An interesting article from a dubious source.
An interesting article from a dubious source.
As Philip K. Dick said, “Reality is that which does not go away when you cease to believe in it.”
Drew Hayden Taylor is an award-winning playwright and author who lives on the Curve Lake First Nation in Central Ontario.
I knew it was only a matter of time. I almost started a betting pool on the exact date.
The controversy surrounding Joseph Boyden and the furor over his questionable ancestry was bound to expand beyond the one man and spread across what was once called Indian country. Who can and who cannot call themselves native/First Nations/aboriginal/indigenous? This was, of course, followed by the debate over who can and cannot call out these people. A poet/playwright might say “an Indian by any other name would smell as sweet.”
(Yes I am using the “I” word. You’ll understand why in a moment.)
I fear people are now casting their critical gaze further afield than Mr. Boyden, beating the bushes for potentially fake native people, demanding authentication. Granted, indigenous identity is indeed an important issue in our community and should not be taken lightly, but it is not something that should be embraced with a fervent Donald Trump-like enthusiasm.
I recently received a curious e-mail. A woman named Ms. Harper had taken an unusual interest in me, my work and my ancestry. Her correspondence was as follows:
“Wikipedia says you were born in the U.S. Other places say you were born at Curve Lake and still live on the Rez. Yet again, D & M’s site says you live in Toronto. You went to Lakefield S.S.
“Sounds to me like you and Joseph Boyden have a lot in common. Parlayed tenuous Indian background into a successful career.
“What’s the truth? Or does it matter?”
I suggested to Ms. Harper, that, if further not convinced, to phone the Curve Lake band office and ask around. I am related to half the people there and grew up with the other half.
I was puzzled by the accusation but not surprised. Twenty five years ago, I built my early writing career exploring and defending my decided lack of cheekbones sharp enough to cut a moose steak with. A four-volume series of books I wrote called Funny, You Don’t Look Like One dealt with not being perceived native enough to satisfy people.
The continued irony was I had more so-called qualifications of what is thought of as native life than those questioning me. I grew up on my reserve. I have one of those cards. I had a single mother. Lived right across from my grandparents. I’m prediabetic (and if I am faking my heritage, that one must have been done on sheer willpower), and I’m angry at the government for 500 years of interference. Short of building a birch-bark canoe in a sweat lodge, I am at a loss on how to further put this issue to rest.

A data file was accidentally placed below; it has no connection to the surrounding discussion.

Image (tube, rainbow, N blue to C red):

But seriously, the more dangerous aspect of this kind of allegation and its anticipated appearance has implications far larger than anything to do with me. When the hammer came down on Mr. Boyden, it would only be a matter of time before the microscope broadened its investigation and the lateral violence of suspicion began.
So this is a warning to all the native people out there who might not fit into another person’s perception of a native existence. Get your papers and authentications together. You could be next. If you’re native, in the public eye (or not), and don’t have hair long enough to hang somebody, the AAA (Aboriginal Ancestry Assessors) might come knocking.
There has been a lot of talk recently about decolonizing ourselves. Part of that would be disassociating ourselves from the divide-and-conquer mentality forced upon us by the last 150 years of government policy. Fighting over status/non-status, Métis, skin colour etc., only increases the sense of dysfunction in our community.
Control of who is allowed in and out of our circle doesn’t mean we have to interrogate each other. Frankly, I don’t have the time. I am too busy celebrating our community.
Still, the timing is perfect. This is the era of alternative facts and fake news. Ask not for whom the drum beats, it beats for you.
On retrospect, I actually do have a “tenuous Indian background” as Ms. Harper phrased it: I’ve been to India twice. They had trouble believing I was an Indian, too.